I used a hacksaw on a small frame to remove just behind the bite through. When I looked at the air hole I noticed two things, neither good: first I had closed off the airway accidentally with the glue and second the air hole wasn’t drilled center. I fixed the glue-plug problem quickly by drilling out the hardened glue with a pin vice and then picking out the small fragments that were left. One problem down – now onto forming a new button and slot.
I used various needle files to shape the new button, being timid about not getting it too thin. I recently bought a new set of Kobalt needle files, a big upgrade from my old ones, and found that this (only my second or third time making a whole new button and transition) went much smoother and faster than in the past. I also used the files and a bit of sandpaper to open and funnel the slot, again I was a bit timid in not going too thin; I have done that once and suffered a cracked bit afterward. This is a fair representation of what I ended up with:
Once I had the stem to my satisfaction I turned to the stummel.
I had at some time past already reamed the bowl lightly, it had very little cake, and cleaned the shank and stem. I now began by cleaning the stummel with acetone wetted cotton pads to remove the old finish and dirt. After the acetone I moved on to some alcohol wetted pads to lighten up the grime on the bowl top. When it was sufficiently clean I decided to use some 400 grit sandpaper to lightly smooth the edge damage. I didn’t know it at the time – because I failed to look first, a fault I have all too often – but the rim was supposed to be rounded. Luckily I liked the general look of the rounded top and thought it might be the way it was supposed to be so I wanted to keep it rather than topping the entire bowl. I personally like, in general, the less sharp lines on a bowl top so this was an easy choice – one that turned out to be a good one as well.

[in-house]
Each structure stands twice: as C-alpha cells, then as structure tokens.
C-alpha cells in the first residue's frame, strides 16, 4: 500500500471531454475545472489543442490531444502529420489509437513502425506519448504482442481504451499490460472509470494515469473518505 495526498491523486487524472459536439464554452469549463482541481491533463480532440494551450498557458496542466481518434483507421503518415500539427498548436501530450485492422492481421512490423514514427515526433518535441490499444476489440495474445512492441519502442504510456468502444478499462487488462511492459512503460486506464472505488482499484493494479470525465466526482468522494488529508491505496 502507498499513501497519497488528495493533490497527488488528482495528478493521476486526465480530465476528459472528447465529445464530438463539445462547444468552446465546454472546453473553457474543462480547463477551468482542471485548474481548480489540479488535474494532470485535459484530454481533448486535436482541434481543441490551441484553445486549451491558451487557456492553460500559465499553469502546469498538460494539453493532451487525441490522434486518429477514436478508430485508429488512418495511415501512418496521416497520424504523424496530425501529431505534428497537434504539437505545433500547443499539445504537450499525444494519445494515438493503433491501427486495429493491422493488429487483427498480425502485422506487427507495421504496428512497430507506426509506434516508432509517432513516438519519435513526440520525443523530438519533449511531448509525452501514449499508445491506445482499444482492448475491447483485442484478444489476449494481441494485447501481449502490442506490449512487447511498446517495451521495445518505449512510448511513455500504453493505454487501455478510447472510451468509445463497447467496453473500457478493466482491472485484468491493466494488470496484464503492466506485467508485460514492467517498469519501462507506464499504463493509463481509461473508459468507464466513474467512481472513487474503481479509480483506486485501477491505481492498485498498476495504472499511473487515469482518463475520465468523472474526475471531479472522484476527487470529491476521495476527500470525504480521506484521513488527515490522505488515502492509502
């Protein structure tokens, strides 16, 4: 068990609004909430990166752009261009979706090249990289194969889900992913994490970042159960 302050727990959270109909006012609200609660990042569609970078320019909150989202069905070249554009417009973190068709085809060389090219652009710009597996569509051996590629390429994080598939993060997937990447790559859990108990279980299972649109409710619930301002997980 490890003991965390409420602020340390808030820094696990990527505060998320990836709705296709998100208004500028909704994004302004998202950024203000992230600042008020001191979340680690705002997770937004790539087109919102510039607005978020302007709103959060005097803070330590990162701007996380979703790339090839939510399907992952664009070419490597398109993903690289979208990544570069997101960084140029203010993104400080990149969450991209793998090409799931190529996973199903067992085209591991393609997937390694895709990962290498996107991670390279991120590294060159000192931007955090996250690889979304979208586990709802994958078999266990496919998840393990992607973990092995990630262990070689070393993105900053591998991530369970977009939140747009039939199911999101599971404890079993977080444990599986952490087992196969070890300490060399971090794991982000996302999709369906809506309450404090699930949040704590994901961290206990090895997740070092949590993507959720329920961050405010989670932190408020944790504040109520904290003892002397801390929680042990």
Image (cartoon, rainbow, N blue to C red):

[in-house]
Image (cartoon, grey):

Once I had reduced the damage to the rim and front, keeping the shape as close to original/symmetrical as I could, I moved to micro mesh pads to sand and polish the bowl top. After getting through the first two grades I thought the entire pipe would look nice just polished with the micro mesh. At this point I reassembled the pipe and began to look for nomenclature to avoid during my polishing; this is when I discovered my “mystery”.